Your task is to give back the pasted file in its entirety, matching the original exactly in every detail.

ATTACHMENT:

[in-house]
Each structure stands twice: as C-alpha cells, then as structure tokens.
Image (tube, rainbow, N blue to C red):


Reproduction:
[in-house]
Each structure stands twice: as C-alpha cells, then as structure tokens.
Image (tube, rainbow, N blue to C red):